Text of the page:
There is a power in the written word that transports the reader from their living rooms, offices, or classrooms to a different place and time in their imaginations. Writer John Williams, a noted Arkansas resident and award-winning novelist, wove tales that created different lives but also led readers to think about their own lives.


He was born John Edward Williams in Wichita Falls, Texas, in August 1922, according to family records. His father died when he was still quite young, and he and his mother moved to the Northeast Texas community of Clarksville. It was mostly a farming community, and his grandparents had made a living working the soil on their own land in the area. His mother remarried. His stepfather worked as a janitor.


As a young student, Williams showed a strong aptitude for literature and theater. However, his mother died in 1940. It was a crushing loss. He graduated from high school that year and enrolled in a nearby junior college, but he was too distracted to be able to concentrate on his studies. He took a series of jobs at newspapers and radio stations afterward.


In October 1942, with the nation fighting World War II, Williams enlisted in the Army Air Force. He was stationed at Allied posts in India and Burma and rose to the rank of sergeant. It was during this time that he began writing his first novel. After his honorable discharge, he used his benefits from the GI Bill and enrolled at the University of Denver to restart his education.


During his time at the University of Denver, he completed Nothing But the Night. The 1948 novel depicted the harrowing life of a man haunted by the traumatic experiences of his youth. He earned an English degree and married in 1949. That year, Williams also published his first book of poetry, The Broken Landscape. He earned a masters degree in 1950. Afterward, he took a job as a professor at the University of Missouri where he also earned a doctorate.


After five years, he returned to Denver as director of the creative writing program. He began a new literary journal, The Denver Quarterly, which was widely respected and gave a new outlet to aspiring writers. While teaching his own students about the writing process, he continued to work on his own writing. Butcher’s Crossing, was published in 1960, followed by a new collection of poetry, The Necessary Lie, in 1965.


One of his most noted novels, Stoner, was published in 1965. The novel follows the fictional life of William Stoner, an English professor who had risen from an unremarkable childhood on a farm to a position of relative respect and comfort though not one of wide acclaim. It follows his difficult marriage and travails through life and his own career. Though respected by critics, it did not sell very well. As Williams’s career progressed, he was fond of repeating a line from the novel: “You must remember what you are doing and what you have chosen to become, and the significance of what you are doing. There are wars and defeats and victories of the human race that are not recorded in the annals of history.”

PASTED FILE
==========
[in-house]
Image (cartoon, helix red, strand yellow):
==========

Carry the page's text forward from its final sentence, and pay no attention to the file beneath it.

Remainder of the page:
His fourth novel, Augustus, was perhaps his most successful. It was a fictional retelling of the life of the first Roman emperor, recounting his youth and rise to power and his lengthy political career, all cleverly told through letters and recollections of others. The Romans were at the height of their power and their arrogance. Octavian Caesar, who later renamed himself Augustus, or “the revered one,” swept aside the division and civil wars that beset Rome and set out to rid his society of the moral rot that he believed was destroying it. In the process, Augustus had to destroy those same institutions he claimed to respect, leading Rome on a path away from a republic and toward dictatorship. In many ways, it was a cautionary tale for the America of the 1970s, one beset by corruption and deep divisions but confident of its own future.


Augustus won the prestigious National Book Award for fiction for 1972. For the first time, the award was shared with another novel, John Barth’s Chimera.


Williams retired from teaching in 1986. He and his wife moved to Fayetteville, Arkansas, where he settled into a quiet life of writing. Williams donated his papers and the collection of his correspondence to the University of Arkansas in 1987. He began writing a new novel, but frustrations with his health delayed his writing. He died of respiratory failure at his home in Fayetteville in 1994. The Sleep of Reason, his last work, was never completed, though portions of the work have been printed in short story form. In the years after his death, the works of Williams have begun finding a new generation of readers. Even when the writer is no more, the words remain and still speak to those who will hear.